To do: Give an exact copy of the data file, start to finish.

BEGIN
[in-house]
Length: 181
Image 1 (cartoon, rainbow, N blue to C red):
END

[in-house]
Length: 181
Image 1 (cartoon, rainbow, N blue to C red):